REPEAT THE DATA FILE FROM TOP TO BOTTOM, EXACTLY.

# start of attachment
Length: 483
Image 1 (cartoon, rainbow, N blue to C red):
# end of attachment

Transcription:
Length: 483
Image 1 (cartoon, rainbow, N blue to C red):